Date: Thu, 7 Sep 2000 11:04:02 -0400
From: Philip Stein
To: Greg Gogates
Subject: Re: Proficiency testing RE13
We assessors are often recommending that labs severely round off any
'precision' they calculate in uncertainty estimates, since the
underlying science for most Type B's is usually only an educated
guess. As long as they round off towards larger uncertainties, this
makes me comfortable.
While it's true that, as Howard says, the overall process should
contain as much actual information as possible, there are many cases
where a budget is required when there isn't much detail in the actual
information, therefore...
Also, I have to point out that in most cases, an approximation is
plenty good enough for all practical commercial purposes. The only
time it's important is when your calibration is high up in a pyramid
and many users are depending on your u value to be as small as
possible (that it, not smaller than it really is, but not greatly
inflated either, since that value will have wide ramifications on all
the daughters far down the tree).
Given that, I need to point out that NIST's calibration of gage
blocks smaller than one inch carry an expanded uncertainty of 1
microinch. Is it possible that this is rounded off?
Phil
>
>Larry,
>
>I know of no NIST conspiracy. To what are you referring? As for the
>advisability of the use of k=2 for expanded uncertainties (confidence
>limits?), why n=30? Are you implying that the degrees of freedom for test
>or calibration uncertainties is at least 30? If so, you may be right for
>many cases, but there are also many cases where this is not so.
>
>The degrees of freedom for a total uncertainty estimate is determined from
>the degrees of freedom for each component uncertainty according to the
>Welch-Satterthwaite relation (see the GUM). This relation "weights" each
>component degrees of freedom contribution according to the magnitude of its
>associated uncertainty estimate. In the past, Type B estimates were
>assigned a degrees of freedom of infinity simply because we didn't know any
>better. As was quickly realized, however, this was an ill-advised practice.
>
>This is because the degrees of freedom of an uncertainty estimate represents
>the amount of information that went into the estimate. For a Type A
>estimate computed from a data sample, it is simply the sample size minus
>one. Using Eq. G.3. of the GUM, a methodology has been developed that
>allows us to assemble this experience in such a way that we can estimate the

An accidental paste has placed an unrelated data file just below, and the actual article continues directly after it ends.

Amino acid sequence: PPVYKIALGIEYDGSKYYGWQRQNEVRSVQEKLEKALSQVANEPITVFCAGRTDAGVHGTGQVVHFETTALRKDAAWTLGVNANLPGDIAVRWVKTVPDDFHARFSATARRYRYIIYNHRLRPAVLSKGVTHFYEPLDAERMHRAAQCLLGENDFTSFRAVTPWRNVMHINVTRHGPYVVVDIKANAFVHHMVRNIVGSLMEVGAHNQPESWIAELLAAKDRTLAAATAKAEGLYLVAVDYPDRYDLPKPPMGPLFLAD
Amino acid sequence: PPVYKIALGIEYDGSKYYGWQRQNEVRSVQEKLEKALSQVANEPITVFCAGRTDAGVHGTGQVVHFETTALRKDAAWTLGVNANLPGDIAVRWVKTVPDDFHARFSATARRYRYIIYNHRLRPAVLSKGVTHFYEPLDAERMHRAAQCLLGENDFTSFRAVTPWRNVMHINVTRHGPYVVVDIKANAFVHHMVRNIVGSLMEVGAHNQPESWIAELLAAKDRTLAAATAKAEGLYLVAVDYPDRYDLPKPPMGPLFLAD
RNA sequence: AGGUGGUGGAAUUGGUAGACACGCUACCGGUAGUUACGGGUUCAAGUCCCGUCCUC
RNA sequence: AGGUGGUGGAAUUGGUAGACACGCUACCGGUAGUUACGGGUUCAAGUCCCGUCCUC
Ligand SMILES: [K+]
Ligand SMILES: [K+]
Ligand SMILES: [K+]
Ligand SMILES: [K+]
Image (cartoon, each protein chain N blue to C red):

>degrees of freedom for Type B estimates (attached). It turns out that the
>degrees of freedom for a Type B estimate will often be less than thirty. In
>many cases, the degrees of freedom is not much larger than five or ten.
>Moreover, in many cases, these estimates are the dominating contributors to
>total uncertainty. Consequently, the degrees of freedom of the total
>combined estimate will sometimes be around the same number as the degrees of
>freedom for the dominating Type B estimate.
>
>In my earlier message, I included a table of 95% coverage factors for
>different degrees of freedom. As the table shows, using k=2 is sometimes
>not justified in such cases.
>
>So, what is the point of all this? Simply to make people aware that they
>are being short-changed when someone hands them an expanded uncertainty,
>based on k=2, with no other supporting information. It's just not good
>enough.
>
>In this regard, I've been reviewing some lab capability statements that
>suggest that, in spite of the requirements of 17025 and the increased
>awareness of accrediting bodies, some calibration organizations have found a
>way around doing the actual work by latching onto "accepted" bonehead
>practices, such as blindly applying k=2. For example, one statement listed
>an uncertainty of 2 parts in 10^7 for a parameter, citing k=2. Well, if we
>divide by 2, we get 1 part in 10^7. Does this look like the result of a
>rigorous uncertainty analysis or does it look more like shooting from the
>hip? Another example listed an expanded uncertainty of +/- 0.005, which
>means that the standard uncertainty is about 0.0025. Since the listing came
>from the same organization that produced 10^7, I suspect that 0.0025 is
>0.0029 rounded off, which is 0.005 divided by root 3. This suggests that
>the listed uncertainty is the result of fiddling with a set of convenient
>limits rather than the result of an actual analysis.
>
>Of course, the listed numbers may actually have been arrived at through
>detailed and painstaking analyses. We don't know. It would help immensely,